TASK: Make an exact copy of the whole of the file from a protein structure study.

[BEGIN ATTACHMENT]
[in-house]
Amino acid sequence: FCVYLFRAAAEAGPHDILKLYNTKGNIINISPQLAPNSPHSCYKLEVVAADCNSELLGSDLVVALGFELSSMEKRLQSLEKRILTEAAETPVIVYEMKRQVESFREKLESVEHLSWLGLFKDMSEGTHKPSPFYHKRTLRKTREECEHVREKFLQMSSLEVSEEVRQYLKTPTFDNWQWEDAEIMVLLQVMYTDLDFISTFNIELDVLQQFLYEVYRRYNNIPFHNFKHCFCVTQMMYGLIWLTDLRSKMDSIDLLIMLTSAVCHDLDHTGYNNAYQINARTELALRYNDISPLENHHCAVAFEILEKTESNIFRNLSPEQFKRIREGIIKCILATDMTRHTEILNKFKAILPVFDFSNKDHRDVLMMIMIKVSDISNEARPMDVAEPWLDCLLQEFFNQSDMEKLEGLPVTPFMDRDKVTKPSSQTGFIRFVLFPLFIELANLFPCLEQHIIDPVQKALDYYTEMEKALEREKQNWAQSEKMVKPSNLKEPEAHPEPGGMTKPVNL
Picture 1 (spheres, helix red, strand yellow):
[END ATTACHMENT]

[in-house]
Amino acid sequence: FCVYLFRAAAEAGPHDILKLYNTKGNIINISPQLAPNSPHSCYKLEVVAADCNSELLGSDLVVALGFELSSMEKRLQSLEKRILTEAAETPVIVYEMKRQVESFREKLESVEHLSWLGLFKDMSEGTHKPSPFYHKRTLRKTREECEHVREKFLQMSSLEVSEEVRQYLKTPTFDNWQWEDAEIMVLLQVMYTDLDFISTFNIELDVLQQFLYEVYRRYNNIPFHNFKHCFCVTQMMYGLIWLTDLRSKMDSIDLLIMLTSAVCHDLDHTGYNNAYQINARTELALRYNDISPLENHHCAVAFEILEKTESNIFRNLSPEQFKRIREGIIKCILATDMTRHTEILNKFKAILPVFDFSNKDHRDVLMMIMIKVSDISNEARPMDVAEPWLDCLLQEFFNQSDMEKLEGLPVTPFMDRDKVTKPSSQTGFIRFVLFPLFIELANLFPCLEQHIIDPVQKALDYYTEMEKALEREKQNWAQSEKMVKPSNLKEPEAHPEPGGMTKPVNL
Picture 1 (spheres, helix red, strand yellow):